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Even the most devoted cat owners wonder at some point, perhaps waking up in a cold sweat in the middle of the night, whether their cat really loves them. Dog people like to smugly point out dogs’ long history as humankind’s best friend.
But research shows cats’ reputation as a cold and aloof pet is undeserved.
Because of their evolutionary ancestry, domestic cats are, by their nature, more independent than dogs. The wild ancestors of our cats didn’t live in social groups as canines do. However, during the process of domestication, cats developed the ability to form social relationships not just with other cats, but also with people.
While they may not rely upon people to feel safe as dogs do, many cats show affection towards their guardians and seem to highly value the company of their human companions. Their attachment to humans is partly influenced by their experiences of being handled by people as a kitten.
Cats behave towards humans in the same way that they respond to their feline friends, so the secret of whether your cat feels bonded to you lies in their behavior.
Look out for scenting
The ability to communicate with other cats over long distances and when no longer physically present was an advantage to their wild ancestors. Our pet cats have retained this “supersense” and rely heavily on this form of communication.
In particular, cats use scent to identify members of their social group or family, by sharing a group scent profile. Cats have scent glands on their flanks, head and around their ears, and often rub their heads against people and objects that are familiar and comforting.
READ MORE: Why do cats’ eyes glow in the dark?
Does your cat rub its head or side against your legs? The soft sensation you feel against your calves is actually your cat identifying you as a friend and is a huge compliment.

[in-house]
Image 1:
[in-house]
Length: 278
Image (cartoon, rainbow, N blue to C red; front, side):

Watch how they greet you
One of the most obvious signs that your beloved pet is fond of you is the way that your cat greets you. When cats greet members of their social group they show signals to indicate friendship and a desire to move closer. Cats also show these signals to humans.
A tail held in the upright flagpole position shows a friendly intention (the feline equivalent of a wave), indicating familiarity, trust and affection. Some cats also use an upright question mark shaped tail to greet someone they like, or to motion that they want to play.
Rolling over and exposing their vulnerable under belly is another gesture that a cat has ultimate trust in you. However, cats prefer to be petted on the head and neck area, so this is not usually a request for a belly rub. Attempts to stroke a cat’s belly will often result in a hasty retreat, or even claws.
The chirrup or trill greeting is a melodious sound that cats make when saying hello to preferred individuals. So if your cat sings to you in this way, be assured they are pleased to see you.
That familiar feeling when your cat hits the back of your knee can also be a sign that they feel an extremely close bond to you. The feline version of a high-five, the head bump is usually saved for a cat’s closest feline friends and most trusted humans.
Look for blinks
Your cat might also be secretly signaling their affection in the way they look at you. When cats encounter strange humans or other cats they don’t know, they usually greet them with an unblinking stare. But they are more likely to slowly blink at cats they have a good relationship with.
Research suggests slow blinks are associated with a positive emotional state and can be a sign of trust, contentment and affection, similar to a human smile. If you wish to return the compliment, blink and your cat might blink back. This is nice a way to bond with your cat if they aren’t keen on being touched.
They get up close
Cats are very protective of their personal space and don’t like unwelcome guests to invade it. If a cat allows you to get close to them, that suggests a close bond, particularly where the contact is frequent or long lasting.
Curling up on your lap for a nap is a sign of deep trust. Grooming only happens between cats with a warm relationship, so licking your hand or face can be a show of endearment, even though those barbed tongues may not feel all that gentle.
Emily Blackwell is a senior lecturer in Animal Behaviour and Welfare at the University of Bristol. Blackwell receives funding from Cats Protection and Waltham Petcare Science Institute.
Republished under a Creative Commons license from The Conversation.